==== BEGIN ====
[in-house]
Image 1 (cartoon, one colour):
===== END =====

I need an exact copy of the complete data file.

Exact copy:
[in-house]
Image 1 (cartoon, one colour):